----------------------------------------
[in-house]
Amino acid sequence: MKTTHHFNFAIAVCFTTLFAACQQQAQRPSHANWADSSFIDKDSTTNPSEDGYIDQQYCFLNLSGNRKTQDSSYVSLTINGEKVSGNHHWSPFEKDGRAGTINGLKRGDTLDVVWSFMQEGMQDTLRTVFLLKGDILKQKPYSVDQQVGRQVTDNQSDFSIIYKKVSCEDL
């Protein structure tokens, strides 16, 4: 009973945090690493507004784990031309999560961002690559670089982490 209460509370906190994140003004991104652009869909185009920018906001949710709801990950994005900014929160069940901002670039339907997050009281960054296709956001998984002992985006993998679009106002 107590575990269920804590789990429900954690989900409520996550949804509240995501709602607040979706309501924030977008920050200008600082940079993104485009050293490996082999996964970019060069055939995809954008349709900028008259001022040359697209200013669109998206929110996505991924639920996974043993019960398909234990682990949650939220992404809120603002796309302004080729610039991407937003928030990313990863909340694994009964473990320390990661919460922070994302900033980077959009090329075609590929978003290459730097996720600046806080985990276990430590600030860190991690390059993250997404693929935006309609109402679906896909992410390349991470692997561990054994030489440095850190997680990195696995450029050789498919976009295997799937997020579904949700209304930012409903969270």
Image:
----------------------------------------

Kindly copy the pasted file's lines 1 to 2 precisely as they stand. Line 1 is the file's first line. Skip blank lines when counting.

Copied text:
[in-house]
Amino acid sequence: MKTTHHFNFAIAVCFTTLFAACQQQAQRPSHANWADSSFIDKDSTTNPSEDGYIDQQYCFLNLSGNRKTQDSSYVSLTINGEKVSGNHHWSPFEKDGRAGTINGLKRGDTLDVVWSFMQEGMQDTLRTVFLLKGDILKQKPYSVDQQVGRQVTDNQSDFSIIYKKVSCEDL